used, the truths arrived at by the process of Algebra
are more general than the truths arrived at by the
processes of Arithmetic and Geometry. Algebra is
sometimes called General Arithmetic; in a larger
sense, it might as appropriately be called General
Geometry. In Arithmetic, particular numbers are
given and particular numbers are required. When
we have demonstrated* a property of a figure in


Geometry, we are only sure that it is true of the
class to which that fifi-ure belono:s. But in Alo-ebra,

O O 7

all kinds of quantity may be denoted by symbols,
and the truths arrived at by their means are true of
all quantities whatever when they are subjected to
the same operations. From this it appears evident
that common Arithmetic must be understood before
its operations can be performed Algebraically, and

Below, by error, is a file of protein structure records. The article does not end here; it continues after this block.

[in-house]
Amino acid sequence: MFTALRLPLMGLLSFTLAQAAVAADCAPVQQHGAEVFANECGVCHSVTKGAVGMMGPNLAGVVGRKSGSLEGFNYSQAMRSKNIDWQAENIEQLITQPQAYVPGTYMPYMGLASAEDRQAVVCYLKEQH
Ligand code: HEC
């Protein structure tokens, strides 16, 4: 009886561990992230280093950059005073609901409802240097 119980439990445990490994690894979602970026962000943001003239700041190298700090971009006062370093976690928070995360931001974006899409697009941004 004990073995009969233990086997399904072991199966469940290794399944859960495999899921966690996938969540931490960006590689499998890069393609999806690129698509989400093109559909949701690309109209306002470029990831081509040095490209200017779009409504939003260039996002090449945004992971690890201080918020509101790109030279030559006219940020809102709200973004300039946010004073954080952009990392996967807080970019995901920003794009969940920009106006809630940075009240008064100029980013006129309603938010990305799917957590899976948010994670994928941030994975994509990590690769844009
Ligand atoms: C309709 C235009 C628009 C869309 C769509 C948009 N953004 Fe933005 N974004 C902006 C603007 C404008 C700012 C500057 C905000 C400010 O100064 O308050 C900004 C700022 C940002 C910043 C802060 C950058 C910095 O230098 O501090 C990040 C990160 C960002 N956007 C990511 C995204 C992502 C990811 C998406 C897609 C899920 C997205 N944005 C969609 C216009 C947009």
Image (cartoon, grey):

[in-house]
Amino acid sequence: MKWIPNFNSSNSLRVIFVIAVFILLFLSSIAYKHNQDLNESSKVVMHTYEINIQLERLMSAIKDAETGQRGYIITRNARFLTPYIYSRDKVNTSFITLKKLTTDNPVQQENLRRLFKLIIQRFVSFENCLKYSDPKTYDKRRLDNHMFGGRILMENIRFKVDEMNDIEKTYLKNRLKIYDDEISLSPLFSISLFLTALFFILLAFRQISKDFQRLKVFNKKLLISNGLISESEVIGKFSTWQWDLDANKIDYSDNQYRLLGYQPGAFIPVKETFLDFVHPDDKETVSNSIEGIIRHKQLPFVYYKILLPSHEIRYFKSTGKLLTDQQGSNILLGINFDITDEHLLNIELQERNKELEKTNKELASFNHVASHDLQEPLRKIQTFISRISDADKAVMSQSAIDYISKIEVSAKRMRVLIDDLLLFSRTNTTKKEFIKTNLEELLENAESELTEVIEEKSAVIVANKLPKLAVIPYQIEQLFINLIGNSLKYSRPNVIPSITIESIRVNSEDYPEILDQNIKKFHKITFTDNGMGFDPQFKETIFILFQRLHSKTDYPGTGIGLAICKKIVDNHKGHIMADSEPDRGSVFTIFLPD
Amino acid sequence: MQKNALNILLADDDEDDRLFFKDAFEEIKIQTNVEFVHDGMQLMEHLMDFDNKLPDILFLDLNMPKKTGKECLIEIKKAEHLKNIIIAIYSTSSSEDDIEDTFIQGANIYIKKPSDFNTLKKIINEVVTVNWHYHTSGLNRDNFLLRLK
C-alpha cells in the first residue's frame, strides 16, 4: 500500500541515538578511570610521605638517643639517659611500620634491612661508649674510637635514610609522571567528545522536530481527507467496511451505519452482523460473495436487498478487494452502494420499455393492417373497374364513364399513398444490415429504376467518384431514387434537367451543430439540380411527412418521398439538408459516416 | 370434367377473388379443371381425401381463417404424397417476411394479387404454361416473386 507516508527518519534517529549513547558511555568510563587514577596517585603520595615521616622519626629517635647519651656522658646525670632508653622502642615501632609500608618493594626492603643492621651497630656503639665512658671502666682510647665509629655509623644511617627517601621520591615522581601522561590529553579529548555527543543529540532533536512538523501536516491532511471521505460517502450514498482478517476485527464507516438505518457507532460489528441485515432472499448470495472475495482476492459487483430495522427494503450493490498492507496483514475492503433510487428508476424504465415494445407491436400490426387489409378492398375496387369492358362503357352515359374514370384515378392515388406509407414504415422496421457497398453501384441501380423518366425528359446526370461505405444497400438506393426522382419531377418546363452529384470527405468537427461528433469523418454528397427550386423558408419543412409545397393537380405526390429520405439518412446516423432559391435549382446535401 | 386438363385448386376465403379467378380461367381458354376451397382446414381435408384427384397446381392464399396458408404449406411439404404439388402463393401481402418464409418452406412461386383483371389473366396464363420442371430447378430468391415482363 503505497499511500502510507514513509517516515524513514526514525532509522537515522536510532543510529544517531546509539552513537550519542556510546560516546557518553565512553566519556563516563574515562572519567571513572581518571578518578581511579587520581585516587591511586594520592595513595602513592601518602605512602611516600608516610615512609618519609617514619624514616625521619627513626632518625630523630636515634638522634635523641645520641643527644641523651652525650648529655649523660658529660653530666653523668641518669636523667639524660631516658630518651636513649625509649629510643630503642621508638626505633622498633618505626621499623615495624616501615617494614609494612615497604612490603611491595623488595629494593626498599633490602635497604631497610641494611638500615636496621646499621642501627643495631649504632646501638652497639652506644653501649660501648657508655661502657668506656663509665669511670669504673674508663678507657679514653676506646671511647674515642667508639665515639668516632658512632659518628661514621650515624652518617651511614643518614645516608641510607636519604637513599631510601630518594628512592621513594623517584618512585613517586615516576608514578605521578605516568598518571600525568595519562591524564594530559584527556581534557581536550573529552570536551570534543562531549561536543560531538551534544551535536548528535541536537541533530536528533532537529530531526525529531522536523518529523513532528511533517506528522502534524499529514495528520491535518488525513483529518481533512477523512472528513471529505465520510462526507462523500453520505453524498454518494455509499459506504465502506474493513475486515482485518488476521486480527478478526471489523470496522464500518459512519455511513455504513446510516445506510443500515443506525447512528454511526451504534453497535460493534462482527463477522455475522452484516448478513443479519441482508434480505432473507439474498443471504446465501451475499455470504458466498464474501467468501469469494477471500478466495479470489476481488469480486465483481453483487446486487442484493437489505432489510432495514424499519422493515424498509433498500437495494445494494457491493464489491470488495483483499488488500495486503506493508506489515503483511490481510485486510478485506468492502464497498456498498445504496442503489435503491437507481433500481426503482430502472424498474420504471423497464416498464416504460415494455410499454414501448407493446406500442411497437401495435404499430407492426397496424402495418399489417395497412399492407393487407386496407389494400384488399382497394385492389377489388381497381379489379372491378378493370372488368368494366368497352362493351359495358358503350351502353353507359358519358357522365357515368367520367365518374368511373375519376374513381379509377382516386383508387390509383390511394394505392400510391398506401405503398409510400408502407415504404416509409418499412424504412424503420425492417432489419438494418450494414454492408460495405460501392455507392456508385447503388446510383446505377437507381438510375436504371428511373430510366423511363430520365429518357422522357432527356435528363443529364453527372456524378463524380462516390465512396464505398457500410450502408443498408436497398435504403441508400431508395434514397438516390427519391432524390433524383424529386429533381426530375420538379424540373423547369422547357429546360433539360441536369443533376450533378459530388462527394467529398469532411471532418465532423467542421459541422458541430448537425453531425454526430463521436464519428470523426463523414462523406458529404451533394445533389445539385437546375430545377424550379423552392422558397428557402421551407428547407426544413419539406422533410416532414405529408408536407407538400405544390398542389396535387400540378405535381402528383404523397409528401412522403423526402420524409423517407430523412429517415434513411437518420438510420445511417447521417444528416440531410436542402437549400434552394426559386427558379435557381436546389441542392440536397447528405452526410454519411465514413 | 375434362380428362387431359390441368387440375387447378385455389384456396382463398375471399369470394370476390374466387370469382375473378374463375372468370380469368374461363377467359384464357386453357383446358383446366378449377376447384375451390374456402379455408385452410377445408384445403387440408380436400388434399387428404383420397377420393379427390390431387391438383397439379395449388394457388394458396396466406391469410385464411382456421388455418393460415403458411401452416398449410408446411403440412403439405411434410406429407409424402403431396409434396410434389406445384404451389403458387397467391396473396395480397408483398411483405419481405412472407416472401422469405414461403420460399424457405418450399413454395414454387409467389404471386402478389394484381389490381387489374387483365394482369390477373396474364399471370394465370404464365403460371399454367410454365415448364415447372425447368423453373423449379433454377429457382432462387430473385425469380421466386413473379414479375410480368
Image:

Synthetical should precede Anal^'tical Geometry in
a course of study. Algebra should be commenced,
however, before Arithmetic and Geometry have
been completed.

In its ordinary signification, Algebra treats of the
relations and properties of numbers by means of
symbols, and it is in this sense that we design to
speak of methods of teaching it. Thus considered,
methods of teaching it must be quite similar to
those of teaching Arithmetic, and a brief discussion
of the subject is all that will be necessary. Any
one who succeeds in teaching Arithmetic will suc-
ceed in teaching Algebra.

In the sense in which Algebra is now considered,
its Fundamental Idea, and its primary Definitions
and Axioms must be substantially the same as those
of Arithmetic. Its Demonstrations difiter only in